Two months ago, Rick Lazio, the leading Republican candidate for governor of New York, challenged his Democratic opponent, Andrew Cuomo, to investigate a proposed Islamic community center two blocks from Ground Zero. When Cuomo replied that the issue was religious freedom, Lazio insisted that his concerns were strictly about who would fund the project and what its imam had said about 9/11. "It's outrageous, honestly, that Andrew Cuomo is raising [the] issue of religion here," Lazio told a TV interviewer. "This is about security."
Last week, Lazio began running a new ad. It concluded with these words: "Call Andrew Cuomo and tell him a Ground Zero mosque is wrong."
A Ground Zero mosque. Not a mosque funded by radicals. Not a mosque run by somebody who said something controversial about 9/11. Not a mosque that recruits jihadists. A mosque—any mosque—near Ground Zero is wrong.
This is the latest frontier in the expanding campaign against the mosque. The initial allegations about money and extremism have receded to the background. In their place, candidates around the country are drawing a bright, categorical line against an Islamic house of worship near Ground Zero. It is a line based entirely on religion.
"Ground Zero is the wrong place for a mosque," says Rick Scott, the Republican nominee for governor of Florida, in a TV ad. "The 9/11 site is hallowed ground, and it is too painful and divisive to build a mosque there," says Roy Barnes, the Democratic nominee for governor of Georgia. "It is insensitive and disrespectful to locate a mosque/Islamic center at a site that was damaged on 9/11," says Rep. John Shimkus, Republican of Illinois. * "The construction of a mosque near Ground Zero should not, and must not happen," says Steve Chabot, the former Republican congressman running for his old seat in Ohio. "Building a mosque near Ground Zero is insensitive, an affront to the victims of 9/11, and it lacks respect for the general public's feelings," says Richard Hanna, a Republican candidate for Congress in upstate New York. Tim Walberg, a Michigan Republican running for Congress, says President Obama "is wrong to offend the memories of the September 11th fallen by voicing support for building an Islamic mosque on Ground Zero."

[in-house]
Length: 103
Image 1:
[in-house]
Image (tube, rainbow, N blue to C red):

The GOP's U.S. Senate candidates are nearly unanimous. Carly Fiorina of California, Roy Blunt of Missouri, Mark Kirk of Illinois, Linda McMahon of Connecticut, and Len Britton of Vermont all emphasize the mosque's location as their concern. "It is divisive and disrespectful to build a mosque next to the site where 3,000 innocent people were murdered at the hands of Islamic extremism," says Marco Rubio, the party's nominee in Florida. "It is disrespectful to the families who have lost loved ones on 9/11 to build a mosque on that sacred ground," says Rob Portman, the nominee in Ohio. "It is provocative in the extreme to build a mosque in the shadow of ground zero," says the campaign of Pat Toomey, the nominee in Pennsylvania. "It is insensitive and inappropriate to build a mosque near the ground zero site," says Sen. Johnny Isakson of Georgia. "I do not support the building of a mosque at Ground Zero," says Sen. Richard Burr of North Carolina. Sen. David Vitter of Louisiana says "the prospect of a mosque right near this site of reverence and respect for lost loved ones from the attack shows a serious lack of sensitivity. In fact, the majority of the country is strongly opposed to building a mosque at the site of the most tragic terrorist attack on America."
Vitter is right about the polls. In the latest survey, released Tuesday by Quinnipiac University, a majority of New York State voters, 53 percent to 39 percent, agrees that "because of the sensitivities of 9/11 relatives, Muslims should not be allowed to build the mosque near Ground Zero." Yes, you read that correctly: A mosque should not be allowed. So when Republicans go around saying that "the general public's feelings" and "the majority of the country" should govern the mosque dispute, they're talking about a majority that's willing to mess not just with the mosque, but with the Constitution.
And they're flirting with something much more dangerous. In New York, a man was indicted Monday for allegedly slashing a taxi driver on Aug. 25 after finding out the driver was a Muslim. In Tennessee, FBI agents are investigating a suspicious fire, apparently set Friday night, that damaged construction equipment at the planned site of a local Islamic center. In Seattle, a man was arrested last week for allegedly punching a convenience store clerk in the head and telling him, "You're not even American, you're al-Qaida." And last week, a brick was thrown at the window of an Islamic center in California. Outside the building, somebody posted a warning: "No Temple for the god of terrorism at Ground Zero."
Ground Zero was just the beginning. The case against a mosque there has shifted from extremism to Islam. Now Republicans say their no-mosque rule extends only to Ground Zero, or three blocks from Ground Zero, or whatever exclusion zone the majority feels is appropriate. But the fire of enmity has already spread from terrorism to religion. I don't think New York can contain it. Like Slate on Facebook. Follow us on Twitter. William Saletan's latest short takes on the news, via Twitter:
Correction, Sept. 3, 2010: This aritcle originally identified Rep. John Shimkus as a congressman from Missouri. ( Return to the corrected sentence.)
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